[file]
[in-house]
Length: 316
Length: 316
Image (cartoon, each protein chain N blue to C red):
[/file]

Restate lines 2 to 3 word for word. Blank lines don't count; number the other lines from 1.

Length: 316
Length: 316